IU Southeast is located 15 minutes north of downtown Louisville, Kentucky, in suburban New Albany, Indiana, at the edge of southern Indiana's picturesque "knobs," which is a region of rolling hills that run parallel to the Ohio River. The campus spreads over 180 acres (0.716 km²) just north of I-265 in Southern Indiana.



IU Southeast is best known for its bachelor's degree programs in business, nursing, and education. The university offers 54 degrees, including 6 master's, 39 bachelor's, and 9 associate's.

IU Southeast is organized into a wide range of special schools and divisions of specialty that include programs from other universities. The five schools include the School of Arts and Letters, School of Business, School of Education, School of Natural Sciences, and the School of Social Sciences. The school had a division of Nursing and a Continuing Studies Division that specialize in those areas. IUS also offers opportunities from other colleges with a branch of the Indiana University Bloomington's School of Public and Environmental Affairs. Additionally, the Indiana University Southeast's medical technology program is affiliated with the University of Louisville's School of Medicine in Louisville, Kentucky through the Kentuckiana Metroversity affiliation of universities and colleges in the Louisville metropolitan area.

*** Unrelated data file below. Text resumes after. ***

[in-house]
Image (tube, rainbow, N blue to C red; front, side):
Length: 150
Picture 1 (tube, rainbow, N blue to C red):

Residence halls

Indiana University Southeast broke ground on its residence halls on June 27, 2007. With the addition of residence halls, IU Southeast is the first full-service public institution in the south-central sector of the state. The five lodge-style residence halls are the first on-campus housing at IU Southeast. The lodges feature one, two, and four bedroom units with each bedroom opening to a central living room.

The buildings opened for the fall 2008 semester and now house more than 400 students. The $20.7 million project is a major economic force both locally and across the region. The total impact to the local economy is approximately $44 million and the regional economy gets a boost of nearly $4 million each year.

Student Media